Relator contends that he did not understand that when Judge Mook told him he had a right to counsel and asked him if he wanted one that this meant "free" counsel, and that because of his lack of knowledge his waiver was invalid. He offers two facts to support his contention: His formal education ended with fourth grade, and he was not familiar with Pennsylvania procedure since it was one of the states in which he had not been in trouble before. Neither of these facts precludes a knowing, intelligent waiver. Lack of education does not preclude an effective waiver, especially where, as here, he was expelled from school because of poor health, and not because of any intellectual deficiency. There is no other indication in the record that relator is not of at least average intelligence. His assertion that he was not familiar with Pennsylvania procedures is equally unconvincing. In the face of these two factual assertions, both of little substance, the Commonwealth has produced a convincing picture of a man who knew very well the implications when he waived counsel before Judge Mook. Relator came before the court a hardened, experienced, 32 year old criminal. He admitted to being sentenced in criminal proceedings "numerous times" and mentioned specifically two convictions in Ohio, one in California and one in Missouri. He was familiar with free, court appointed counsel, having had the benefit of one in the past. He fought extradition from Ohio to Pennsylvania in the Ohio courts. Captain Holt, the prosecuting officer, testified that he explained the charges to relator, pointed out the seriousness of the alleged crime, and told relator of his rights. He testified he said to

[ 209 Pa. Super. Page 276]

    relator "that if he couldn't afford an attorney that Judge Mook would appoint an attorney for him." In the face of these facts, relator's two assertions hardly amount to a "preponderance of the evidence" indicating a lack of a knowing, intelligent waiver.

Relator and the court below rely on several Pennsylvania and Federal cases none of which are controlling. In both Commonwealth ex rel. McCray v. Rundle, supra, and United States ex rel. McDonald v. Commonwealth of Pennsylvania, 343 F. 2d 447 (3d Cir. 1965), the defendant did not refuse an offer of court appointed counsel, but, rather agreed to suggestions to proceed without counsel. In both, defendants had made previous attempts to obtain counsel. To further complicate McCray's situation, his co-defendant had a lawyer who attempted to shift all the blame to McCray. In McDonald the court said only that the record alone could not support a waiver and sent the case back to the district court for further hearings on the circumstances of the waiver. In Commonwealth ex rel. O'Lock v. Rundle, supra, there was no record that he was offered counsel and the court held a waiver cannot be implied from the mere entry of a guilty plea or the failure to request counsel. In Commonwealth ex rel. Johnson v. Maroney, 416 Pa. 451, 206 A.2d 322 (1965), the record was silent in regard to an offer or waiver of counsel.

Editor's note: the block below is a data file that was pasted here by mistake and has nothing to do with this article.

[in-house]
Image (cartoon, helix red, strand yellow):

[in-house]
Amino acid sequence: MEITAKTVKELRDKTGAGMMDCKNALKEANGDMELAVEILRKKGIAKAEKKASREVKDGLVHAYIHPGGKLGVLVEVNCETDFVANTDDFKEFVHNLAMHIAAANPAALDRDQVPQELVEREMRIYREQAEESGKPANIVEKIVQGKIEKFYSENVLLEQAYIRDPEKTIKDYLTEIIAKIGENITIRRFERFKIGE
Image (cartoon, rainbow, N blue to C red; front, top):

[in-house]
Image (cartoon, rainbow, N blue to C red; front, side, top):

Relator contends that he could not possibly have waived the right to counsel at the time of sentencing which occurred twenty-one days after the entry of the guilty plea. We disagree.

At the hearing on the guilty plea the written form read to relator and signed by him contained his consent to the pronouncement of sentence by the court.*fn3

[ 209 Pa. Super. Page 277]

Relator stated that he understood the form and the judge told him he would be sentenced three weeks from that date. Thus he must have known that sentence flowed naturally and inevitably from his guilty plea. In this factual situation sentencing was merely a continuation of the proceeding at which his waiver of counsel appeared of record. Had the judge imposed sentence immediately it could not be seriously contended that he should have again inquired if relator wished counsel.*fn4 The discretionary extension of time does not make the situation different. We, therefore, conclude that relator refused counsel for sentencing as well as for the guilty plea. Relator has offered nothing to show that the resultant waiver was not intelligently and understandingly made.